Taphians and Thesprotians in the

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Taphians and Thesprotians in the Odyssey

The Taphians are the inhabitants of a group of islands, called the Taphiae, near Ithaca, according to the geographer Strabo (10.2.15) and Pliny the Elder (4.19). In the Odyssey, they are characterized as enemies of the Thesprotians, on the West Greek mainland, but the allies of Odysseus. The Thesprotian king helps “Odysseus” in the stories he tells both Penelope (19.281-300) and Eumaeus (14.191-379). However, in the second story Thesprotians subsequently betray “Odysseus” and plan to sell him as a slave (14.340-55). The Cretan tales have often been interpreted as a way in which the Odyssey incorporates alternate traditions about the return of Odysseus, and the appearance of the Thesprotians in several of these therefore suggests that these islands, as well as Crete, played an important role in these other narratives (Reece AJP 1994). Thesprotia certainly plays an important part in the Telegony, and there may also have been an epic poem titled Thesprotis which narrated a version of the nostos and subsequent life of Odysseus (Paus.8.12.5-7). Since Thesprotia was the location of two sanctuaries, Dodona and the nekymanteia, had Panhellenic influence, these traditions are likely to also have been widely disseminated (Marks 2008).

The Odyssey distances itself from all of these, however, by placing the Thesprotians within the lying tales, and even further by the fact that within the story they are revealed to be untrustworthy in the end, with the further implication that their version of Odysseus’ myth is equally untrustworthy. The Taphians are treated in a very different manner. In addition to being the enemies of the Taphians, they are the allies of Odysseus. When Penelope admonishes Antinous against killing Telemachos, she reminds him that Odysseus had protected his father when he joined the Taphians in raids against the Thesprotians, despite the fact that Odysseus was allied with the Thesprotians at the time (16.425-34). The guest-friendship between Odysseus and Mentes is another indicator of the connection. It also, as Athena in the guise of Mentes explains to Telemachus, goes back generations, since Mentes’ father Anchilaus was a friend of both Odysseus and Leartes (1.180-200). The contrast between Taphians and Thesprotians also recurs in this passage, when Athena-as-Mentes relates a story of how Odysseus went to look for poison to put on his arrows. Ilus of the Thesprotian city of Ephyre refused his request, while Anchilaus granted it (1.259-65).

The story about the poison for arrows is an aspect of the Taphians’ identification with the more fantastical aspects of the Odyssey. The apparent skill with pharmaka possessed by the Taphians associates them with the Egyptians, whom the narrator describes as “each one a doctor” in a country which “bears the greatest number of pharmaka (4.229-32).” They also are given the epithet filhretmoj(1.419), which is otherwise applied only to the Phaiakes. Egypt’s presentation as a place of vastly superior resources and knowledge is mentioned above. Further supernatural associations are provided by the fact that Menelaus comes to Egypt after encountering a storm off Cape Maleia (4.288), the same place from which Odysseus embarks on the adventures accounted in the apologoi (9.68). The places Odysseus reaches during those wanderings are not identified with real places, and are often not inhabited by humans at all. The Phaiakes are among these people, and although they seem to be largely human, Alkinous says that they are related to the gods (7.205). They also possess both natural resources and skills that are well beyond human capacity, as is made clear by the descriptions of Alkinous’ gardens and palace (7.108-132).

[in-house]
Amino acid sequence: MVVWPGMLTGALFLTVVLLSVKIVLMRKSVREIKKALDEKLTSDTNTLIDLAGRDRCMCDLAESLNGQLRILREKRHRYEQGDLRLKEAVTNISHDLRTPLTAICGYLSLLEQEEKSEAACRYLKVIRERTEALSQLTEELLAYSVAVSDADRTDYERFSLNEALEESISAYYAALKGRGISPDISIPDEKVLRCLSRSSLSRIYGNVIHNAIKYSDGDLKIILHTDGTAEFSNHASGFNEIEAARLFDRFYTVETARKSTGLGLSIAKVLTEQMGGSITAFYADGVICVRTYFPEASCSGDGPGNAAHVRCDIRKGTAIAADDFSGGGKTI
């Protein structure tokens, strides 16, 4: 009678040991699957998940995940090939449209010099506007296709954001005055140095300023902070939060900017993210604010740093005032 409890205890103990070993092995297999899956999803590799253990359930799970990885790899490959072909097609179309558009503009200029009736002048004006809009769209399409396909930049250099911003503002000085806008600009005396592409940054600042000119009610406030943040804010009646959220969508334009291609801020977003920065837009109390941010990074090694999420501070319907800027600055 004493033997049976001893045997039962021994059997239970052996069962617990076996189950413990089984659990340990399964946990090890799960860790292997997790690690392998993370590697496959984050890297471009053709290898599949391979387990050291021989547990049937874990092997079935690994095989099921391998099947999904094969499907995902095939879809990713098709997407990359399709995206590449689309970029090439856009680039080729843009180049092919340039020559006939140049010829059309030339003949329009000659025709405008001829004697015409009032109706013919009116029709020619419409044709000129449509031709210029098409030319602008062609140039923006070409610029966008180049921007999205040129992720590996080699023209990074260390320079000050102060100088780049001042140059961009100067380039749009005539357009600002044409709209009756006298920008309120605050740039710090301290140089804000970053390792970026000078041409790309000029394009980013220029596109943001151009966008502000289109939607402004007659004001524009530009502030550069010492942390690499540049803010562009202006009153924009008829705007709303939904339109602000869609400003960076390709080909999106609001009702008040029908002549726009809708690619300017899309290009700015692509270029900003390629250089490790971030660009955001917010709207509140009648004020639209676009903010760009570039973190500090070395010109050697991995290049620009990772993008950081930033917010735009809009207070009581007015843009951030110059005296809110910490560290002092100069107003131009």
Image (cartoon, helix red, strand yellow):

These fantastical elements of the Odyssey have been identified as part of a Panhellenizing process. Because the Phaiakes, or the Lystrigonians, or the Kyklopes, are not representations of any particular real location or people, they can be universal, not necessarily calling to mind the accompanying epichoric traditions so many Greek cities had. However, some degree of involvement of the story with real geography is inevitable: Ithaca certainly cannot be taken out of the homecoming of Odysseus. Odysseus’ connections to other groups in the area are likewise difficult to shake off altogether. The Panhellenic sanctuaries of Thesprotia would have given its local tradition particularly broad reach, and so the Homeric Odyssey seems to discredit this version to a degree. The Taphiae, in contrast, are also near Ithaca and while they may have had their own Odysseus traditions, but they do not have an equivalent of Dodona by which those traditions might influence the rest of Greece. They do not appear in the Cretan tales, Telegony, the Ephemeridos Belli Troiani of Dictys Cretensis. Therefore, allying Odysseus with the Taphians does not present such obstacles to the Panhellenizing features of the Odyssey, and their normalization to the Phaiakes and Egyptians emphasizes this further.

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